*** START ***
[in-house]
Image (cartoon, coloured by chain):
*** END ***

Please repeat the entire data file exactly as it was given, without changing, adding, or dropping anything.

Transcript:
[in-house]
Image (cartoon, coloured by chain):